Elderly people are a big mirror into the human mind – and they all deserve a kind word. This is what I wrote to my friend when describing my current work. I have in front of my eyes the face of my client, the old lady, who looks at me with a trustful child-like acceptance. There are not many complaints, nor many desires left in her. She has lost all her anger, envy, greed, need for power or glory. There is just this gentle fragile woman who occasionally smiles when a fleeting memory passes through her mind. She does not remember her wedding day anymore, she does not talk about her late husband or passed friends; with her days nearing closer to the end she has accepted life as it is. She is the toothless child again; the child who is able to enjoy the play of sunshine on the kitchen counter, or to admire the small plant at the window sill. Time does not count anymore, she goes to bed or to the kitchen as she pleases, then she lies down in bed for 5 minutes and almost immediately asks if there is a time to get up again.
I am looking at her with compassion and sympathy and what I see is every human being reflected in her eyes. Her power and strength is over, her body is aching, her memories are fading, she has difficulties remembering days of the week and names of her relatives, her faculties are slowly leaving her withering body. I can see now, how time is passing and all is ‘anicca’.
I have volunteered as a helper in a hospice for a socio-therapeutic session. The main purpose was to give the elderly people there some activities, to entertain them and make the time pass in more relaxed way. They would all gathered in one large room and were asked if they wanted to do some of the folloiwng activities; painting, gluing together little pieces of paper or beads, making pictures, singing and playing games. Most of them were in wheelchairs, some suffered from strokes or serious diseases, and some from accidents. Some were not able to perform even simple tasks without help. Most of them were here to stay for the remainder of their lives. Sometimes the only activity they could do was sit, feel the warmth of human contact and be part of the group.
Time flowed differently in this building. It was much slower and each hour had a meaning. The people divided the hours by their mealtimes. When doing activities, each person had a different pace; some painted slowly and some quickly. The fast ones could complete their picture by several strokes and then they did not know what to do next. There was an alert old man who usually painted two or three pictures a day and he was very thorough. He filled every little bit of his pictures with colors. Soon he completed one full thick folder of paintings. He preferred to paint houses, buildings and flowers. He told me “I am already 94 years old.” I almost did not believe him, but the nurse confirmed he was right.
Some of the people still kept their former smiles and curiosities; some were resigned to their fate. Some were nice and some sour. The last time I was there I worked with a shy old woman who spoke with a quiet and soft voice. She had worked on her painting for half an hour and had trouble deciding how to decorate the rest of her work. When I returned back to the nursing home a week later, I asked about her. They said she was not there anymore to complete her work. The weekend before, she had quietly passed on.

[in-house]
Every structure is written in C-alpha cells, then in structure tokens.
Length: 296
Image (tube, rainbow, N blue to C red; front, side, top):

Why am I here doing my little bit of help? I look at the people and I can easily imagine being one of them. I can also imagine my closest and dearest friends behind the faces of these old people. And I have only one wish – to see them smile – just a little.
Somehow I can feel that we all benefit here – by giving and receiving something. All of us need love, smile and gentle touch. All of us strive for kind words, attention, and appreciation. As our life passes we become more depended on the others. The possessions, emotions, obsessions with the life counts no more. There are only few things that may count for something – how we were able to unlock some of our potential, our greatness, compassion, the most human features that exists in each of us. Did we manage to stretch beyond what was given to us? Did we fight our fears, did we stand behind the truth or what we considered to be the truth, and did we manage to restrain our emotions to some extent? The time on this earth was given to us as a great gift and we have responsibilities for our days and hours to do something with it –maybe to extend ourselves a bit – by accumulating knowledge, experience, compassion and understanding. What counts are our efforts, the days when we stretched ourselves a little more…
Time and meaning in a senior’s house does not count anymore. What counts is something which is reflected in each person’s eyes, something as vast as a whole universe… Maybe each person’s eyes are a window to see something more…
One thought on “Working with elderly people and the dying.”
at 75 I feel a little jealous of you…but with enormous admiration
would love to meet someone like you in my invisible existence
you are accumulating the biggest fortune existing….no money on earth can touch it.